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If you're waiting for Skate 4's release, don't skip the incredible OlliOlli World

You want a good skating game? You want one of the best skating games on modern systems? Play Olliolli World. Now.

You’ve been waiting for what feels like a lifetime for Skate 4, right? Even since we heard EA almost begrudgingly accept that ‘yes, the sequel is real‘ at E3 2020, there have been precious few updates about the title. Between the series’ kick and push back into public consciousness and the likes of Tony Hawk's Pro Skater 1 and 2, Skater XL and Session all popularizing everyone’s favorite counter-culture all over again, skating is – finally – getting the love it deserves on screen and pad.

So you owe it to yourself to play the best skating game that’s launched in a generation right now. You owe it to yourself to play OlliOlli World.

If, like me, your only previous experience in the twitch-reflex theme park of the OlliOlli universe is back on the Vita, you’re probably rubbing your thumb right now and taking anti-inflammatories for your early-onset arthritis, too. The series is tough, and paired with those nasty little Vita thumbsticks that are harder than the Southbank’s concrete slabs, the game quickly caught reputation for being physically – and mentally – challenging.

Just like skating, ey? The same is true of OlliOlli World, too – the series hasn’t chilled out a bit in its eight-year hiatus. The slightest lapse in concentration and you’ll be stacking it into walls, corpsing down staircases, and sack-tapping yourself into oblivion at the end of some particularly nasty rails. It’s far more punishing than any of its genre stablemates, and that’s mostly because it plays like an arcade game rather than a skating sim (or whatever weird hybrid the Tony Hawk games are).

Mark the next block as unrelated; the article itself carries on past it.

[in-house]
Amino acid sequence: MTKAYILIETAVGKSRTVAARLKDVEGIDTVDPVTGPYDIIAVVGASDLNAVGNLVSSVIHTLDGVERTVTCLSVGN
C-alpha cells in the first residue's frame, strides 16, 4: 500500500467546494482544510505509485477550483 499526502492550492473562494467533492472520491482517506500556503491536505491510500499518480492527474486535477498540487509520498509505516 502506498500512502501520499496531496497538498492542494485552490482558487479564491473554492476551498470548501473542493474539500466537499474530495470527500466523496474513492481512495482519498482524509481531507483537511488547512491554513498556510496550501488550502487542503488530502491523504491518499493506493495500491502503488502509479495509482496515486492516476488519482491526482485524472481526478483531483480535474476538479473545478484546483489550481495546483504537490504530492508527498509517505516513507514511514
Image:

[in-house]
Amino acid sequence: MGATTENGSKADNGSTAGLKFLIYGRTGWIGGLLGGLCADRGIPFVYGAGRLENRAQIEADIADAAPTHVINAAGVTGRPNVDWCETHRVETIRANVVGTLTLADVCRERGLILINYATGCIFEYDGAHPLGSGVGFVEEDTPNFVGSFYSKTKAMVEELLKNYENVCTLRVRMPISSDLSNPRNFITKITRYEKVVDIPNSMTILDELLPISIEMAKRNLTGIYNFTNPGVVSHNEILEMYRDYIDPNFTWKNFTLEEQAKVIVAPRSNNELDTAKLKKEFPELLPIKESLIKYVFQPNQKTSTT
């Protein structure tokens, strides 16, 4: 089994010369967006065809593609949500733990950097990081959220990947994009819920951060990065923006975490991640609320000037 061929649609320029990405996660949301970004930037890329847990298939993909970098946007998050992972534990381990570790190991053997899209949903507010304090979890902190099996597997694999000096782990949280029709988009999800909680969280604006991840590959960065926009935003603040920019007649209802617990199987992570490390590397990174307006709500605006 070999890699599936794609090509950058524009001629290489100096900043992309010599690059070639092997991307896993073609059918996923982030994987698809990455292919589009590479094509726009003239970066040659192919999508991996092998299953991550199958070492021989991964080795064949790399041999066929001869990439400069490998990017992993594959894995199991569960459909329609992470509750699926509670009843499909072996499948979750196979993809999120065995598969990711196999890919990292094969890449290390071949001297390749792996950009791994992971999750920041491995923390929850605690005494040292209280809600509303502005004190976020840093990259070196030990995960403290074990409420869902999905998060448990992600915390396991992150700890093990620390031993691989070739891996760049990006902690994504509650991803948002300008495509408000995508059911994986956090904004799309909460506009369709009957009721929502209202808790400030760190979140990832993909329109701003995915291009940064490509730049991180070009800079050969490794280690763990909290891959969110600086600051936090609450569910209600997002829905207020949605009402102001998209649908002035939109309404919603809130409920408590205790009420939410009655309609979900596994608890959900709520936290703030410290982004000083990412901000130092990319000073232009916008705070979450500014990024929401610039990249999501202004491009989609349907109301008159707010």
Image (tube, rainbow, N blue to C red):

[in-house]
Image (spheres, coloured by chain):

OlliOlli has always been about flow, and thanks to the updated and more open-ended design of World, you get more opportunities than ever to find your zen as you’re grinding, manualing, wall-riding and kickflipping through the world’s chillest skate parks.

If you’re a masochist (like me), you’ll uncover some great replayability in the game via its challenges – they start out reasonable and, y’know, sane, before escalating like a fight between security guards and stoned teenagers in a car park towards the later levels. If you thought getting all the Gaps in THPS1+2 was aggravating, wait until you try some of the Radysus Challenges in the OlliOlli World end-game. It makes Hawk look like a poser.

But better than the gameplay side of stuff, there’s the way OlliOlli World holds a pastel-tinted mirror up to the wonderful world of skateboarding in 2022. I truly believe that skating, now, is more inclusive than it’s ever been; whether it’s in the phenomenal talent of the enby pro skaters that make headlines in the scene, or the way that the women skaters at the Olympics drew a massive crowd, skateboarding and the culture around it – right now – is a great place to be. I’d put money on your local park having young kids, of all genders, learning the ropes on shaky knees – post-pandemic, my haunts have been full of kids (and a good number of adults, too) picking up the new hobby and encountering practically no gatekeeping. It’s utopian.